The View
from Here:
    Ellen Lampert-Greaux lives in Petite Saline and is the new editor in chief of Harbor magazine, and when she's not organizing the St. Barts film festival, or writing for various magazines, she turns her all-seeing eye upon local happenings.
    January '05
     This is the time of year when the rumors of star sightings are rampant. All kinds of names are being bandied about. Who’s here for the holidays. Uma Thurmon, Paul Allen, Woody Allen, Denzel Washington, Steven Spielberg, George Lucas, plus Puff Daddy, P. Diddy and Sean Combs all rolled into one. I hear we even missed seeing Brad Pitt trying on bathing suits in Gustavia. Many of these stars come in on the mega yachts that grace the harbor, and they shuttle back and forth to parties on such floating wonders as Octopus and Ultima III. While all this star activity is going on, what, you might ask, do the mere mortals do? Well, I’ll tell you. In early December, when these big boats were but a twinkle in the harbor master’s eye, some of the locals were playing marbles. And not just for fun either. It was time for the local marble championships whose winners go on to the nationals in France. And where do they play? On a special course set up on a small plot of grass behind the Match supermarket. A guy called La Grenouille (that’s right, frog. Funny nickname for a Frenchman?) runs the tournament with Kiki from Radio Transat serving as the kibitz meister, announcing the score and animating the proceedings. The marbles track is made of hard-packed sand and looks somewhat like a mini miniature golf course. This year there was a fish, and a turtle, and other assorted creatures carved out of sand and painted to add color to the course. Each player sends his marble along the fairly narrow track. Small metal horses with riders, each in a different color, are used as place markers along the side of the track. Kids and adults alike take part in this event. Soccer is also a popular sport for locals and a championship got underway in October and runs through March. Most weekends there are games at the stadium in St Jean and anybody can stop by to watch (if the lights are on, there’s a good chance somebody is home). While the boys are playing marbles and soccer, a lot of the island’s young girls are busy taking dancing lessons, like little girls are wont to do the world over. Here they are lucky enough to be invited to perform at the St. Barth Music Festival, on the same program with beautiful young stars of the Paris Opera Ballet and other international companies who come to perform on a makeshift stage under the starry skies of Saint Barth. For some, Saint Barth is the hot spot for the holidays. For others, it’s a year-round commitment. Life goes on as usual, even as the stars are lunching at The Lafayette Club or The Sandbar. As for me, I’m off to play Scrabble. And in case anyone wants to know, the team from the Saint Barth Beach Hotel is in first place of the soccer championship. But that season is far from over.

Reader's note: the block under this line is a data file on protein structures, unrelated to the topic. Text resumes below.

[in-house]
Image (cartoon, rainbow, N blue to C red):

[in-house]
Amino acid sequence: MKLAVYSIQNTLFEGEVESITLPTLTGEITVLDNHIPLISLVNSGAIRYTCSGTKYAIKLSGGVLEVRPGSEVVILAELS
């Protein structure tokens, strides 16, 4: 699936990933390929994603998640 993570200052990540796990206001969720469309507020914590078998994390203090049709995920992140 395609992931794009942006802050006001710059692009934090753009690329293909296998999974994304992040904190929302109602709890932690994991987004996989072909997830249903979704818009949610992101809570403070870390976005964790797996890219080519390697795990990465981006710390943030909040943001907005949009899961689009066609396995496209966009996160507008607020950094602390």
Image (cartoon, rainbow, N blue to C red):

More to come,
    Ellen Lampert-Greaux
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